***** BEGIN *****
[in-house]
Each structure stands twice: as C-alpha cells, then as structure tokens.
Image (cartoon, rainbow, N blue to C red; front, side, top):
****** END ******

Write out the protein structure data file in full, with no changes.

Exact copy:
[in-house]
Each structure stands twice: as C-alpha cells, then as structure tokens.
Image (cartoon, rainbow, N blue to C red; front, side, top):